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Lookup NU author(s): Dr Chankramath Arun,
Dr Paul Mackin,
Emerita Professor Sally Marshall
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OBJECTIVE-The value of microalbuminuria (MA) in predicting renal disease and premature mortality in longer duration type 1 diabetes is unclear. RESEARCH DESIGN AND METHODS-We followed 135 patients with long-standing type 1 diabetes (>30 years' duration) over a 7-year period, recording albuminuria and other clinical variables. Vital status was ascertained and cause of death was recorded. RESULTS-A total of 27 of 135 patients (20%) died during the follow-up period. Patients with MA (10 of 30, 33.3%) or proteinuria (5 of 6, 83.3%) at initial examination were more likely to die during follow-up than patients who had normal albumin excretion at baseline (12 of 99, 12%; χ2 for trend 21.9, P < 0.0001). The presence of abnormal albumin excretion and low BMI were independent risk factors of premature death. The causes of death were similar in patients with normal and abnormal urine albumin excretion. A total of 24.4% of initially normoalbuminuric survivors developed MA, and persistent proteinuria developed in 3.5%. Progressors had significantly higher albumin excretion rate at baseline compared with those who remained normoalbuminuric: 9.0 μg/min (3.8-18) vs. 4.0 μg/min (0.4-17.5); P < 0.001. A total of 21% of patients with MA at baseline reverted to normoalbuminuria, and persistent proteinuria developed in 32%. The likelihood of progression to persistent proteinuria was significantly greater in those with baseline MA compared with those with normal albumin excretion (P < 0.001). CONCLUSIONS-Even in long-standing type 1 diabetes of >30 years' duration, MA and proteinuria predict all-cause mortality. MA is a good predictor of persistent proteinuria. © 2003 by the American Diabetes Association.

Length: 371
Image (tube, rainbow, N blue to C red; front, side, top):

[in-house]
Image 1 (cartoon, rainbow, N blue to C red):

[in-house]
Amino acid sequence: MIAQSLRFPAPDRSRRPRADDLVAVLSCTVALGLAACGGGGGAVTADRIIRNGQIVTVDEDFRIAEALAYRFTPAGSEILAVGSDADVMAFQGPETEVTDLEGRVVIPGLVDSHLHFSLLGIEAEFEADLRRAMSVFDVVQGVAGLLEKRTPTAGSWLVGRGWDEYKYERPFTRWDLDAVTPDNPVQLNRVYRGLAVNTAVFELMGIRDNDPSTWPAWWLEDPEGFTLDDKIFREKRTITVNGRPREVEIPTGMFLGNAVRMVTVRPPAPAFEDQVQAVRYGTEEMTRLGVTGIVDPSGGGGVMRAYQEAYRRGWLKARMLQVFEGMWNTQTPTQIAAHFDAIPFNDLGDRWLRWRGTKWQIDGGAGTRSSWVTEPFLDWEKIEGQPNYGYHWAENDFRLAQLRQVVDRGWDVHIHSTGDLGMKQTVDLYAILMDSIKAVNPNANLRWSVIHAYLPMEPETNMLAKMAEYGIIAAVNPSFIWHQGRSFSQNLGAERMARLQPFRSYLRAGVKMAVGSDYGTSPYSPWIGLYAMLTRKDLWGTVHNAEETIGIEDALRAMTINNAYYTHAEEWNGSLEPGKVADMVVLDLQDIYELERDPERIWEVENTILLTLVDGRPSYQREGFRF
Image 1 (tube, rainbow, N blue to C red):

Author(s): Arun CS, Stoddart J, Mackin P, MacLeod JM, New JP, Marshall SM
Publication type: Article
Publication status: Published
Journal: Diabetes Care
Print publication date: 01/07/2003
ISSN (print): 0149-5992
ISSN (electronic): 1935-5548
Publisher: American Diabetes Association
PubMed id: 12832327
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